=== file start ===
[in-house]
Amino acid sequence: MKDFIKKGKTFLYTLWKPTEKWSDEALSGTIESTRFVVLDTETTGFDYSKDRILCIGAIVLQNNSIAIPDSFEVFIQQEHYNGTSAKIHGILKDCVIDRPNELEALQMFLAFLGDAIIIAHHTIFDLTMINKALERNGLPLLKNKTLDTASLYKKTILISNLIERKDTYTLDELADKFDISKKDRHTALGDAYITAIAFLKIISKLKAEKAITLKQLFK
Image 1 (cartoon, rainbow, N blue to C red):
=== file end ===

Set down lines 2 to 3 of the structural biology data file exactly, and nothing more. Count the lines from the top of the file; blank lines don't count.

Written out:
Amino acid sequence: MKDFIKKGKTFLYTLWKPTEKWSDEALSGTIESTRFVVLDTETTGFDYSKDRILCIGAIVLQNNSIAIPDSFEVFIQQEHYNGTSAKIHGILKDCVIDRPNELEALQMFLAFLGDAIIIAHHTIFDLTMINKALERNGLPLLKNKTLDTASLYKKTILISNLIERKDTYTLDELADKFDISKKDRHTALGDAYITAIAFLKIISKLKAEKAITLKQLFK
Image 1 (cartoon, rainbow, N blue to C red):